What does each manufactures warranty provide? i.e. 5 year limited manufactures defect warranty is not no fault so on and so forth.


    Does the cost equal a reasonable value verses your application and warranty? i.e. if you plan on making a one time investment get the most bang for your buck on the warranty that meets your application needs.

    There are many good boats and cats on the market today each having their pro's and cons. If you ask your-self the above questions IMO it would be a no brainer what type of boat you will purchase but as always I am a little bias on the subject.

    Best of Luck on your pruchase. One thing to keep in mind is a possible increase in 2009 pricing might be wise to purchase soon verses waiting till Spring.

    Blue Moose

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    I'm leaning towards a 16ft cat, I don't mind building in the field, I like the open space they offer and the ability to disperse the load. On the other hand I like how compact the Pro Pioneer is, one would think you can access more areas with it or is my thinking off?

    I'm thinking of it as a major longterm purchase, I'll definitely do some local road system float fishing trips throughout the summer and a major float hunt in the fall. Making a cat more ideal due to its space.

    Part of my decision depends if my partner is willing to buy his own raft so I will know more in the next few weeks.
    We do not go to the green woods and crystal waters to rough it, we go to smooth it. We get it rough enough at home; in towns and cities; in shops, offices, stores, banks anywhere that we may be placed

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    Default The Debate & Pro P.

    I hope I do not get off subject so if I do or if something is thinking I am sorry not my intent.

    Before I would lean into a direction such a the Pro P. I would addrss application there has been many subject matters concerning this boat it's capabilities and the pro's and cons of it.

    IMO the boat does not meet all your intended applications. The boat IMO is more of a niche boat that meets its intended application i.e. light water, remote fly-ins, and reasonable weight carrying capacity. When you use the three question again IMO the warranty vesres the application does not put it into the mix for your needs verses cost.

    The AIRE Traveler can be made into a Cata-Canoe which has great weight carrying capacity as well as versitility i.e. can be used by it-self and handle a Moose Hunt for the most part depending on the type of water and if you use two can handle IMO two people and two moose as well as have the capability to run a motor however again you have to go back to application and cost two Travelers will run you about the same as a 16ft Cat when framed out and will meet most if not all of your needs.


    We just had a group of renters come off the upper chena which turned into flood stage one in a cata-canoe the other owned a Lev by Soar they each took turns oaring each others boats with weight in heavy water i.e tight corners lots of sweapers, with loaded boats. The owner of the Lev did not want to give back the Cata-Canoe to oar the rest of the trip i.e. less draft with greater manuvering with the Cata-Canoe.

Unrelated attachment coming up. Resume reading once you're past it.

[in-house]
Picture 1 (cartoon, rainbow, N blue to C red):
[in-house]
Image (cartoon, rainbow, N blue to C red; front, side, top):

Again I need to remind you I am some-what Bias concerning the subject.

    Blue Moose


    Lots of options

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    Default

    I have no problem with folks who want to share their thoughts on inflatable even if they are biased or not, that just tells me you own a craft that your happy with and that you find versatile and it meets your needs, nothing wrong with that.
    We do not go to the green woods and crystal waters to rough it, we go to smooth it. We get it rough enough at home; in towns and cities; in shops, offices, stores, banks anywhere that we may be placed

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    Yeah, I'm biased too. I think we all are. I prefer conventional self bailing rafts for most things, but have driven a cataraft for most of my boating experience.

    I like the Pro Pioneer concept, and I think Soar has executed it well too. Like most inflatables they are capable of doing a lot of different things, but I agree with Blue Moose, they are designed as a niche boat. They are a good choice for fly in trips because of the size, weight and ease of setup, but two guys with gear and one moose will load it down. Two guys, gear and two moose? I know it is rated for it, but it will handle like a pig that way, and it will also draft quite a bit of water that way. If your friend decides to get one too, it becomes a very good option though.

    Also, the Pro P is capable of going in smaller streams than a cataraft. But the usual limitation is in water depth, not water width. It's pretty rare to have enough depth to float in and not have the stream wide enough to get through. A conventional 14' self bailing raft will draft less water than a Pro P with the same load, and so is generally capable of floating in more places. Still, there aren't that many floats that you can't do in a cataraft because of their size.